And these fears are far from groundless. A high point of the weekend, at least for me, was a roundtable discussion held by the academic conference about Campbell and the golden age. The tone of the panel was reverent, if not toward Campbell personally then toward his impact on the field, and the only discordant note was struck by a panelist who noted that his writing students aren’t especially interested in Campbell these days—if they’re even aware of who he was. In response, Robert Silverberg said: “You can’t see oxygen, either, but that doesn’t mean it isn’t real.” But I don’t think there’s any doubt that the dissenting voice had a point. For a lot of younger writers, Campbell is a tertiary influence, at best, and he certainly isn’t the living presence that he was for the fans and authors of an earlier generation. His place has largely been taken by more recent artists whose struggles and victories seem more urgent than those of writers whose best work was published before World War II. When you look more closely, of course, you find that their concerns are far closer to the present than they might first appear, and you can draw agonizingly important lessons from their example. But this takes time and energy that a lot of younger writers have rightly devoted to other matters. It was Campbell himself, I think, who observed that readers are essentially hiring writers to perform a service: to think more deeply about a subject than they can for themselves. And my hope is that the book I’m writing will do some of the necessary legwork, allowing writers and readers my age or younger to plunder Campbell, Heinlein, and all the rest for what they have to offer.

The June 1992 issue of Asimov's Science Fiction Magazine

This only reflects my own journey, which has more in common, in many respects, with the young writers who aren’t aware of Campbell than with the older fans and authors whom I’ve encountered along the way. I came into the genre as randomly as most of us do, assembling my picture of it from an assortment of heterogenous materials: a single issue of Isaac Asimov’s Science Fiction Magazine, now lost, which I got for Christmas when I was twelve and replaced a few days ago with a copy I bought at the dealer’s room at the convention; novels by writers like Madeline L’Engle, Jane Yolen, and Orson Scott Card; and the nearly simultaneous discovery of Jorge Luis Borges and The X-Files. None of it was systematic, or even conscious, and my exposures to older influences weren’t exactly in the best possible order. (When I mentioned at a panel that the first Heinlein novel I ever read was The Number of the Beast, there was an audible gasp.) I’d been writing science fiction seriously for almost ten years before I realized that I was harking back, without knowing it, to stories like “Who Goes There?” and Sinister Barrier. It wasn’t until I began thinking about this book that I sought out authors like Smith or van Vogt, and I’m constantly confronted by areas that I have yet to explore. Part of me wishes that I’d been more deliberate about it much earlier, but that isn’t how fans evolve. And in trying to go back and build myself into the kind of reader who is capable of tackling Campbell and the others on their own terms, I’ve become more conscious both of what the different generations of fans have in common and of the ways in which they continue to diverge.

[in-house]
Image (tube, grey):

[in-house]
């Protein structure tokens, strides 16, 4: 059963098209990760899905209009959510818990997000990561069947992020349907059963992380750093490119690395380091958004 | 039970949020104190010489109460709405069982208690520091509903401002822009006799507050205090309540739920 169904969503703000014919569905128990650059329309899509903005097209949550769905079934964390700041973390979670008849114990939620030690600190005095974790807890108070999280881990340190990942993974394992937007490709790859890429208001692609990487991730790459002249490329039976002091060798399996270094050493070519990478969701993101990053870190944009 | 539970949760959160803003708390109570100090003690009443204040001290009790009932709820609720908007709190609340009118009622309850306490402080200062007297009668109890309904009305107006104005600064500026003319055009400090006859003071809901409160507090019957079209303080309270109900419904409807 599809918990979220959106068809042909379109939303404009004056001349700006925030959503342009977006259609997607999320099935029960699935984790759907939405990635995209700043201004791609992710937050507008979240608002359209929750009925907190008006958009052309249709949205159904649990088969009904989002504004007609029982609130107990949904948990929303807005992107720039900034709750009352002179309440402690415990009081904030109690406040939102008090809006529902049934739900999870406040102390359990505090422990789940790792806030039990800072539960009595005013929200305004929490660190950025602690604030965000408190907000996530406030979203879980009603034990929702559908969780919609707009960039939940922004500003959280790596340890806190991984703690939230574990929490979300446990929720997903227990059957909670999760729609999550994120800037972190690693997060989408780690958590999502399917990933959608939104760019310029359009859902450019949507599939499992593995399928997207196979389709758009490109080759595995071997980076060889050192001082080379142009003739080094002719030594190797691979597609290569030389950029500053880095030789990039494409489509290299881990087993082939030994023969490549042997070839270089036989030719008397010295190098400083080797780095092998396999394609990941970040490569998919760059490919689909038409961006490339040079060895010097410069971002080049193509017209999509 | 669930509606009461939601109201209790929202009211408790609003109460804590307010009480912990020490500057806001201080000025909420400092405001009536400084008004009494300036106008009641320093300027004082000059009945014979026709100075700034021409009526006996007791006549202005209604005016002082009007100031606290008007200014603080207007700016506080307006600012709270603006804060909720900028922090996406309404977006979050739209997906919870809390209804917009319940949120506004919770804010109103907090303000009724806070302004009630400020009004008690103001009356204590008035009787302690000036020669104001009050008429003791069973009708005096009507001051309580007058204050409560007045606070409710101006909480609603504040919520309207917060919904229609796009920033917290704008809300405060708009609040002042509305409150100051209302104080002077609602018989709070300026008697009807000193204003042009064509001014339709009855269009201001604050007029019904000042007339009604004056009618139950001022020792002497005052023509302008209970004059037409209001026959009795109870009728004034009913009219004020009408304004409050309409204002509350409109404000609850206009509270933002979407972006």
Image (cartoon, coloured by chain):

But I’ve also come to realize that older and younger fans are snapshots of a single continuum. The Futurians, as I’ve noted before, were incredibly young when the fan community began—most of them were still living with their parents—and the patterns that they inaugurated are still being played out online. We think of these guys as men with white beards, but that’s only because what they alternately created and rebelled against has endured to the time of their grandchildren. (When Slan won the Retro Hugo award for Best Novel on Thursday, A.E. van Vogt’s granddaughter was there to accept it, and she got the most rapturous round of applause that I heard all weekend.) On the last night of the convention, I found myself at the Hugo Losers Party, which began decades ago as an informal gathering in George R.R. Martin and Gardner Dozois’s hotel room and has been transformed since into a lavish event with hundreds of guests. It felt like a real moment of catharsis, after a weekend that had been charged with powerful emotions and occasional tensions, and it threw a random sampling of attendees onto the same dance floor and shook them all up. Looking around the Midland Theatre, I saw emerging writers and aging legends standing side by side, or crowding into the same elevator, and it was more clear to me than ever how one ripens into the other. Virtually everyone enters the fandom at a young age, and even if the years have started to show for some, it only puts me in mind of what James Caan reminds us in The Way of the Gun: “The only thing you can assume about a broken-down old man is that he’s a survivor.” And I should only be so lucky to survive as long.

Written by nevalalee

August 23, 2016 at 8:25 am

The past through tomorrow

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Robert A. Heinlein at MidAmeriCon

Precedent is merely the assumption that somebody else, in the past with less information, nevertheless knows better than the man on the spot…Tradition is something very different. To follow a tradition means to do things in the same grand style as your predecessors; it does not mean to do the same things.

Robert A. Heinlein, Space Cadet